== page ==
A small group of roughly 20 artists, curators, and activists were called into a private meeting at Instagram’s New York City HQ yesterday to discuss the platform’s nudity policies.
Visual artists Marilyn Minter and Joanne Leah were among those present, as well as artist and activist Micol Hebron, who has been fighting Instagram’s policy on women’s nipples for several years. It was Leah who got the ball rolling however, having built a rapport with Facebook’s policy team by circulating a petition calling on them to reconsider its censorship of artworks containing nudity.
Leah went on to have several video chats with the team prior to Monday’s discussion, which she insisted was the result of combined efforts from many artists and creatives. “A lot of people expressed the need for it to happen so it was just time. I don’t think any one person should be taking credit,” she told online arts magazine Hyperallergic.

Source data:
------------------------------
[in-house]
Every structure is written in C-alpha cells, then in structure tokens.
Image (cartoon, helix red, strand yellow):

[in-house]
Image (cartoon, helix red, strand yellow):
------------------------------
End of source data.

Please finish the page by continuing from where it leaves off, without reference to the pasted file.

Instagram is owned by Facebook but operates under its own nudity guidelines, which allow for photos of post-mastectomy scarring, women breastfeeding, and “nudity in photos of paintings and sculptures,” but prohibit “photos, videos, and some digitally-created content that show sexual intercourse, genitals, and close-ups of fully-nude buttocks” as well as “some photos of female nipples.”
Hebron, who ironically had her account suspended just hours after the meeting for posting a topless photo outside Instagram’s office, says the current guidelines lack nuance and police the bodies and identities of users. She welcomed the efforts to start a meaningful dialogue, but was disappointed that the meeting was private and not a public forum. All attendees had to sign non-disclosure agreements on arrival.
The social media network has not officially announced any policy changes but told Hyperallergic magazine in an email: “one of the most important pieces of our policy development process is speaking to external experts and stakeholders to ensure we have considered as many perspectives as possible. This meeting allowed us to do that, and we hope to have an ongoing dialogue”.